Instead of wasting a lot of money burying or burning scrap paper, with the resulting environmental pollution, scientists say it would be better to spend funds on encouraging companies to collect and re-use scrap paper.
The Saigon Paper Corporation uses a high percentage of scrap paper in making finished products.
Cao Tien Vi, general director of the company, in September 2014, said the company decided to raise consumption paper capacity by threefold to 44,000 tons per annum, and raise industrial paper production capacity from 53,000 tons to 224,000 tons.
In order to get enough materials to fulfill the production plans, his company would have to increase the the proportion of scrap paper imports from 30 per cent to 50 per cent.
When asked why the company does not plan to use domestic scrap paper instead of imports, Vi said it was difficult to collect scrap paper from domestic sources, since collectors are not encouraged to do this.
If the company collects paper, the cost would be high because scrap paper comes from many different sources, while it would also have to pay for scrap paper classification as well. Besides, the fact that it cannot get a VAT refund when buying scrap paper from individuals would also push up production costs.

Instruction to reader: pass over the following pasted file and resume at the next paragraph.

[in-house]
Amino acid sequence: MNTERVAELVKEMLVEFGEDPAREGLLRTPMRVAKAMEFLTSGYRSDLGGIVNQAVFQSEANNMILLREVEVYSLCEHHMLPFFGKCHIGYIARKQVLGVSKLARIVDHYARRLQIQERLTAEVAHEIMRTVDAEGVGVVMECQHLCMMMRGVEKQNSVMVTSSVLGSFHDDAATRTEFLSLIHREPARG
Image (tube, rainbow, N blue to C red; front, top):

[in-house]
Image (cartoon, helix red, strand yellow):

An officer from the Vietnam Paper and Pulp Association (VPPA) said the association has repeatedly asked the government to classify as non-taxed production and consumption the chain of collecting used paper, classifying scrap paper, packing, distributing collected paper and recycling paper.
Vietnam has to pay hundreds of millions of dollars every year to import scrap paper. Meanwhile, it also has to pay big money to collect and treat scrap paper as waste.
According to VPPA, Vietnam will have to pay VND240 billion a year to treat 800,000 tons of scrap paper if the paper cannot be collected for recycling. Meanwhile, the consequences will be immeasurable when the scrap paper is burnt or buried, because of greenhouse gas emissions, and air and water pollution once the paper decomposes at landfills.
However, high costs of scrap paper treatment and environmental pollution settlement are not the only negative consequences for the country.
In order to obtain enough materials for paper production, enterprises, which cannot rely on domestic scrap paper sources, will try to make paper from wood, bamboo and jute.
Vietnam would have to reserve more land to develop material areas, while enterprises would have to increase investment in making materials, and pollution would increase as factories make paper from these kinds of materials.
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